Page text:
Acta Neuropathologica

, Volume 55, Issue 3, pp 205–220 | Cite as

The role of postischemic recirculation in the development of ischemic neuronal injury following complete cerebral ischemia

  • L. W. Jenkins
  • J. T. Povlishock
  • W. Lewelt
  • J. D. Miller
  • D. P. Becker
Original Works


The neuronal response to complete cerebral ischemia (CCI) of 5–15 min duration was evaluated at the light and electron microscopic level subsequent to postischemic recirculation periods of up to 60 min. Following postischemic reperfusion, the homogeneous neuronal changes characteristic of permanent CCI were modified into a heterogeneous pattern of selectively vulnerable neuronal responses. Four basic types of neuronal injury were represented within this heterogeneous neuronal population. The Type I neuronal response was most numerous and consisted of chromatin clumping, nucleolar condensation and a breakdown of polysomes. This response may represent a reversal of some of the neuronal changes observed after permanent CCI. In addition to the above changes, Type II neurons contained swollen mitochondria and Golgi saccules which appeared as microvacuoles under the light microscope. Type III neurons displayed varying degrees of neuronal shrinkage and numerous swollen mitochondria. Type IV neurons were markedly shrunken and electron-dense with few identifiable subcellular structures. The distribution of Type I neurons was random but the other neuronal responses occurred in “selectively vulnerable” brain regions. The number of Type II, III, and IV neurons increased with extended insult durations but were unaffected by the length of recirculation. Ten minutes of CCI represented the threshold for a significant increase in the number of severely altered neurons. These findings suggest that considerable neuronal injury may be present after 10–15 min of CCI, and the lack of a recirculation period following CCI appears to afford the brain parenchyma an extensive degree of structural protection.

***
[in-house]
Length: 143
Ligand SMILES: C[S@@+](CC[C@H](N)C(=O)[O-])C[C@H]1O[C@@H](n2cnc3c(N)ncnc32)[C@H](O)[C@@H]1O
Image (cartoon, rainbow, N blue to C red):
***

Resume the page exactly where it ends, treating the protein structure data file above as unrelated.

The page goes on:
Key words

Postischemic recirculation Complete cerebral ischemia Ischemic neuronal injury Electron microscopy 


Unable to display preview. Download preview PDF.

Unable to display preview. Download preview PDF.